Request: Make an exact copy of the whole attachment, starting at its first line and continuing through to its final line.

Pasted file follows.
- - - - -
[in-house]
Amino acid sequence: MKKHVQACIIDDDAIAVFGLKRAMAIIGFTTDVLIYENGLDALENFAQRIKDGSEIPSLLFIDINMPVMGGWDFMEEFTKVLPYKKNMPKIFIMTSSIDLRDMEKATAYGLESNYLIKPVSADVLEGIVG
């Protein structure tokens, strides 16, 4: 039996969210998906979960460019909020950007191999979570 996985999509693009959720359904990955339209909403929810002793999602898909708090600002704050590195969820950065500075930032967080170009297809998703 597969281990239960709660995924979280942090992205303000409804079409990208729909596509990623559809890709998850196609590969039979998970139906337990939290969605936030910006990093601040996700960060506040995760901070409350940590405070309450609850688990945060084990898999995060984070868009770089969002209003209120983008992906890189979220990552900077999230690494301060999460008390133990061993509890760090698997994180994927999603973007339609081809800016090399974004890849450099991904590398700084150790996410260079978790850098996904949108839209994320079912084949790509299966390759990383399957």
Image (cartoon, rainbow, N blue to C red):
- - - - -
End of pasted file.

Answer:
[in-house]
Amino acid sequence: MKKHVQACIIDDDAIAVFGLKRAMAIIGFTTDVLIYENGLDALENFAQRIKDGSEIPSLLFIDINMPVMGGWDFMEEFTKVLPYKKNMPKIFIMTSSIDLRDMEKATAYGLESNYLIKPVSADVLEGIVG
């Protein structure tokens, strides 16, 4: 039996969210998906979960460019909020950007191999979570 996985999509693009959720359904990955339209909403929810002793999602898909708090600002704050590195969820950065500075930032967080170009297809998703 597969281990239960709660995924979280942090992205303000409804079409990208729909596509990623559809890709998850196609590969039979998970139906337990939290969605936030910006990093601040996700960060506040995760901070409350940590405070309450609850688990945060084990898999995060984070868009770089969002209003209120983008992906890189979220990552900077999230690494301060999460008390133990061993509890760090698997994180994927999603973007339609081809800016090399974004890849450099991904590398700084150790996410260079978790850098996904949108839209994320079912084949790509299966390759990383399957």
Image (cartoon, rainbow, N blue to C red):